Archive: Kyle Gann's Miscellaneous Early Articles

From 1983 to 1995 I wrote 137 reviews, interviews, and advance pieces for the Chicago Reader, all but three of them by 1988 (I had started at the Village Voice in November 1986). The Reader was a wonderful paper back then; editing was loose, word-count was endless, my editor Pat Clinton was generously encouraging, and the heady freedom granted to an inexperienced writer resulted in some articles that make me cringe today. But I was given chances for some wonderful interviews, and I got away with a level of musical analysis few journalistic publications would have countenanced. Here are some of the ones I'm proudest of:

"Flashes and Stirrings" - Katharina Wolpe plays Stefan Wolpe, February 4, 1983 - my first published article
"In memory of a retrograde revolutionary" - advance for a Cornelius Cardew memorial concert, April 29, 1983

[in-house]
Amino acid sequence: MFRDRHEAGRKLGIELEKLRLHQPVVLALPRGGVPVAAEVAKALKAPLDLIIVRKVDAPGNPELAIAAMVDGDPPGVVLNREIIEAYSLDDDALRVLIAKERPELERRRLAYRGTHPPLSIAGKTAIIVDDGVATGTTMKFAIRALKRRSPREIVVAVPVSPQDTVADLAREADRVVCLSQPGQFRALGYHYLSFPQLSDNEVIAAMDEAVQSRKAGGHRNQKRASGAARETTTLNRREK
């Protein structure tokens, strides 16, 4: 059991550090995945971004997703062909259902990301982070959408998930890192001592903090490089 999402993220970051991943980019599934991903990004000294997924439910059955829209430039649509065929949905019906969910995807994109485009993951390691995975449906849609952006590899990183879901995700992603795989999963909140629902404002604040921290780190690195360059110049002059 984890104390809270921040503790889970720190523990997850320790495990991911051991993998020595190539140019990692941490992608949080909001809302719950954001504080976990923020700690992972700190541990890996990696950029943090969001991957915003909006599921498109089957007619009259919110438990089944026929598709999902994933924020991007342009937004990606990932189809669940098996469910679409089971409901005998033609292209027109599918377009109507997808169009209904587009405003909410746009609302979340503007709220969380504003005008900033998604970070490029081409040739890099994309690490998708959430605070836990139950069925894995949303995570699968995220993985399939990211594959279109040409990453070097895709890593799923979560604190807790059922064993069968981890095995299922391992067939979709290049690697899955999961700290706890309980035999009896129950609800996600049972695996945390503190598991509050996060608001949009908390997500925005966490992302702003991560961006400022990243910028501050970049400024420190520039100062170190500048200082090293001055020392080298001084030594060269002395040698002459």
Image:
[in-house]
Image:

"Handmade in Poland" - premiere of Witold Lutoslawski's Third Symphony, October 7, 1983

"Diamanda Galas's Homicidal Love Song" - an interview with Diamanda Galas, February 24, 1984 - she was still unknown in the US at the time
"Solti's Schoenberg: An Evening of Great Art" - a review of Moses und Aron, May 4, 1984
"AMM's Continual Quest for Failure" - an interview with AMM, May 25, 1984
"Height of the Opera" - review of Virgil Thomson's The Mother of Us All, June 1, 1984
"Records: Wolpe, Schoenberg" - review of Stefan Wolpe"s Enactments and Symphony, October 19, 1984
"Radical Escapism" - review of Strauss's Arabella, October 26, 1984
"William Harper reinvents the opera" - Harper's Crimson Cowboy, November 23, 1984
"Two artists explore Alcatraz" - Ingram Marshall's Alcatraz, November 30, 1984

"When Words Collide" - review of an etymological dictionary, March 22, 1985
"Records: Adams, Reich" - untitled review of John Adams Grand Pianola Music and Harmonium, Steve Reich's Octet, March 8, 1985
"Jack Smith's Outrages-in-progress" - interview with Jack Smith, March 8, 1985
"A vital slice of Chicago history" - an Alexander Tcherepnin retrospective, March 22, 1985
""Local composers expose themselves" - a post-NMA Chicago Salon des refuses, April 19, 1985
"The Crucible, a rare American opera" - May 24, 1985